Clever Ways to Beat the Weak Rand

With the weak rand, we’re constantly worried about the cost of living. Here’s how to turn your cents into sense with these clever money tips.
Compare Guru
2016-07-28
A weak rand, more expenses, the threat of a recession and yet-unknown repercussions of BrExit mean it is time to make some clever budget cuts. But fortunately this can actually be quite a lot of fun.  
Since June last year, the rand has been in steady decline further exacerbated by Nenegate, according to Morningstar data, despite recovering a bit against the pound after BrExit. The ripple effects from South Africa's weak economic position is in turn putting more pressure on disposable income especially related to buying imported goods, according to Public Policy Actuary at the Actuarial Society of South Africa (ASSA), Niel Fourie. Are you drowning in debt? Compare debt review products here. 

However, with some careful planning and a little ingenuity, you can turn your cents around a few times more and stretch your monthly budget until ends finally.

*keep reading below

buy local

Choose a popular vehicle model

Your Toyotas tend to have more readily available new and secondhand parts owing to their popularity in South Africa, while your Renaults and Peugeots may be more costly to repair, as parts need to be imported on a demand basis. This means that if you are thinking about upgrading your vehicle, you will need to carefully research the cost of replacement parts and ensure you look at all the best car insurance policies and motor warranties before diving head first into a new purchase.

Local is truly ‘lekker’

When times are tough people tend to band together and help each other out a little more, which in turn creates opportunities, according to Peter Dempsey, deputy CEO of the Association of Savings and Investments of South Africa (ASISA). This is further affirmed by Deputy President Cyril Ramaphosa who explained the need for government and big business to buy locally produced goods to support our economy at his keynote address at the annual Proudly SA, “Buy Local” summit in Johannesburg earlier this year. Of course, where goods are locally produced, there may be some cost savings for consumers to reap as the goods have not been imported and priced as finished products. local-is-lekker1 While Chinese goods still rival those of local products in terms of price owing to mass production, buying local can also take the form of barters. One example is school jerseys which are pricey to buy from the uniform shop, but which can easily be replicated at a fraction of the cost by the best knitter in your circle. Another good way to buy locally is to look for factory shops and effectively cut out the middle man. You can get anything from Elgin chicken to Woolworths clothing at factory shops. A good start is to buy Pam Black’s A – Z guide to factory shops and start exploring those shops in your local vicinity.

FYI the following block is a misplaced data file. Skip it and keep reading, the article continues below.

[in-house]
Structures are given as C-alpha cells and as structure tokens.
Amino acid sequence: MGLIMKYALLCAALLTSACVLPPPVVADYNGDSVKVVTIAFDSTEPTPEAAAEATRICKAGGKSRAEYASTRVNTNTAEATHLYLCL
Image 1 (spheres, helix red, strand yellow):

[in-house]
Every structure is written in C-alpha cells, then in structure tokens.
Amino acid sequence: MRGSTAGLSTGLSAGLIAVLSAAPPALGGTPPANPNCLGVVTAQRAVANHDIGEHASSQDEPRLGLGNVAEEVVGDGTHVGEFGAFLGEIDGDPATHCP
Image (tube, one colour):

Buy bulk and eat in

Frightening statistics from the Pietermaritzburg Agency for Community Social Action (Pacsa) that tracks food inflation on 36 specific basic food items, show the cost of its January 2016 basket was up 9 per cent from the end of October 2015 – just three months. Fortunately the prospect of more rains promises to moderate food prices in the next year. In the meantime, with the recent droughts pushing up the price of maize and meat, vegetables not only remain a viable alternative, they are also a lot better for your heart. A good tip is to buy these in bulk and share or barter with other families, or better yet grow your own.   While equally there is nothing wrong with the occasional meal out, restaurant owners are also feeling the pinch and pushing up their costs. Try to cut down on the number of times you eat out a month or look for weekday specials when you can’t be bothered to do dishes. buy in bulk

Reap rewards of less credit

Credit is expensive: we all know that. In fact, it can cost as much as 35 and a half per cent per year. That means that after less than three years, you’ve paid as much interest as your initial purchase cost. Try to pay off your store cards or capitalise on the sixty days interest-free period available on your credit card by settling your debts in a timely fashion. If you are considering taking out more credit, be wary of interest-free offers as well, as these may come with hidden costs such as administration and initiation fees. In other words, read the fine print carefully before signing any new contract. Lastly, do not underestimate how much rewards programmes can help when you are struggling to survive the last week of the month. Most large retailers, as well as a number of medical aids and pharmacies, offer these cashback programmes. DR